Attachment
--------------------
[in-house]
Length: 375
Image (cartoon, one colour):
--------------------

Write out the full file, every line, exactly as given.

[in-house]
Length: 375
Image (cartoon, one colour):